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By Amber McEwan

As the temperatures gradually get warmer, we aren’t the only ones thinking about hopping into our local river. A small, yet spectacularly attractive little native fish called the redfin bully uses this time of year to make the move from the sea to fresh water.

The male redfin bully is one of our most brightly coloured native freshwater fish (A. Perrie).

The male redfin bully is one of our most brightly coloured native freshwater fish (A. Perrie).

The redfin bully is usually a freshwater fish but they undergo a migration when they are young. Adults lay eggs in streams and rivers and when they hatch, the tiny larvae are swept downstream and out to sea. They spend 3–6 months living in the sea (often travelling long distances with inshore currents!), then venture up into river mouths and begin to gradually make their way upstream. This is a kind of migration called diadromy and it is very common in New Zealand freshwater fish.

This species is one of our most brightly coloured, especially the males which have bright red stripes and electric blue borders on their large, frilly fins. Adults are commonly around 100 mm long. Redfin bully males are exemplary fathers. After eggs are laid, dad is left to guard the nest, a job he undertakes with great ferocity! He chases away all intruders, puffing himself up and flashing his stripes and he often goes without food for long periods so he can stay close and keep his offspring safe.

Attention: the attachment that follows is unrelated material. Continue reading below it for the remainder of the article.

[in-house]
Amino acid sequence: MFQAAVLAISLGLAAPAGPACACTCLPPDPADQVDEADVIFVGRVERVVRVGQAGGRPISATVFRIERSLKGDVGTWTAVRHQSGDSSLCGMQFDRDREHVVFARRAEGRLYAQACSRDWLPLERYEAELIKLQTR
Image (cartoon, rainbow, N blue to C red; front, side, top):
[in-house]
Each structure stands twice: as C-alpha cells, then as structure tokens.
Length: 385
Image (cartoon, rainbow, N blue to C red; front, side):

The less colourful female redfin bully (A. Perrie).

The less colourful female redfin bully (A. Perrie).

Redfin bullies are found in many streams and rivers throughout New Zealand but they do prefer clean, cold water. They are nocturnal, so the best time to see them is with a strong torch at night in a local stream. Look closely—although they are colourful, they blend in well with the riverbed and tend to ‘freeze’ as camouflage which means that they can be hard to spot! Remember to be gentle with your observations, these colourful little fish are found nowhere else in the world and have a more serious conservation status than the little spotted kiwi!


Amber McEwan is a freshwater ecologist based in the Wairarapa.